A Sunday gathering message by andy pakula
To be of use
By Marge Piercy
The people I love the best
jump into work head first
without dallying in the shallows
and swim off with sure strokes almost out of sight.
They seem to become natives of that element,
the black sleek heads of seals
bouncing like half-submerged balls.
I love people who harness themselves, an ox to a heavy cart,
who pull like water buffalo, with massive patience,
who strain in the mud and the muck to move things forward,
who do what has to be done, again and again.
I want to be with people who submerge
in the task, who go into the fields to harvest
and work in a row and pass the bags along,
who are not parlor generals and field deserters
but move in a common rhythm
when the food must come in or the fire be put out.
The work of the world is common as mud.
Botched, it smears the hands, crumbles to dust.
But the thing worth doing well done
has a shape that satisfies, clean and evident.
Greek amphoras for wine or oil,
Hopi vases that held corn, are put in museums
but you know they were made to be used.
The pitcher cries for water to carry
and a person for work that is real.
The cottonwoods are flinging themselves outward,
Filling the air with spiraling flurries, covering lawns in deepening drifts.
You could not call this generosity.
Like any being, they let loose what they have in order to survive,
in order that their lives might continue in a new year's growth.
The more seeds they send out on their lofted journeys
The greater the chance for their kind to flourish.
There is no hesitation.
No one asks how much they will give. Without words
They know so clearly that everything depends on what we call giving,
that which the world knows only as a creation.
"We make a living by what we get. We make a life by what we give." Words of Winston Churchill.
Imagine for a moment that you have a favorite restaurant near where you live. You go there often. There are a few dishes on the menu that you always order and they are just perfect for you - just what you want.
And then one day, you go in expecting the usual pleasant experience and the menu has changed. It's not at all like the old menu. You figure, OK, I can try something new, but when the dish arrives at the table, you hate it. It is nothing like what you’d hoped for.
Do you continue going to this restaurant? Do you volunteer to help improve it? Or do you go to a place down the street?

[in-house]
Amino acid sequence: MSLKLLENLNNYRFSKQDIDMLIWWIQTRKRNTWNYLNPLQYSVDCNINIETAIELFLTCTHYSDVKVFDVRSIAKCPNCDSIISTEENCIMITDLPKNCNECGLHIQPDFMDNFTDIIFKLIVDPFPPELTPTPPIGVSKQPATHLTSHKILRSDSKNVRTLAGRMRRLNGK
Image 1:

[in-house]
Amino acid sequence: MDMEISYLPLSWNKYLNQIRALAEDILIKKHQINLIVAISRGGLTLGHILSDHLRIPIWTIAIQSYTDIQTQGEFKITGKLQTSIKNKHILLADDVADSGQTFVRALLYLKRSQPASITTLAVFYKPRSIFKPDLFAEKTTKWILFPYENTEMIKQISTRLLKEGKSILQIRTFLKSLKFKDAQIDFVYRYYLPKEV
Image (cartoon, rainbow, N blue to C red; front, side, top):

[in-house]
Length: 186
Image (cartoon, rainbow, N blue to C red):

I imagine that these seem like ridiculous questions. Of course you take your business elsewhere. The deal with a restaurant or any other business or just about any other organization with whom you interact is transactional. It is about an exchange: you give them money and they give you the product or service you want. If you don’t get what you want, you go somewhere else.
It’s simple. It’s just business. You are the consumer. They are the provider. They're part of the bargain is to give you what you want. Your part of the bargain is to pay the agreed rate - no less and certainly no more.
This is the culture we live in. Nearly everything we participate in works with this basic premise. We give a service to an employer in exchange for money. We then exchange that money to get transportation, to get clothes, to get food and drink, to be entertained, to get access to communications technology, and so much more.
The system of commerce that creates this way of being is not a bad thing - it is incredibly useful. If we didn't use currency and transactions, we would either have to do everything for ourselves - including growing our own food, making our own clothes, and treating our own illnesses - or we'd have to use some rudimentary trading system to get what we need.
Although the system itself is useful, it has its hazards. This means by which we meet most of our practical needs seeps into everything we do. The tool that humankind created has grown to shape and change us. A transactional approach to life becomes the basic approach to engaging in life.